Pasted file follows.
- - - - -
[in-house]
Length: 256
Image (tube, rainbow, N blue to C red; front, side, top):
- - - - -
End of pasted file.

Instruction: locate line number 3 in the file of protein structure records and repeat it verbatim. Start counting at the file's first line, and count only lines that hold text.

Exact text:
Image (tube, rainbow, N blue to C red; front, side, top):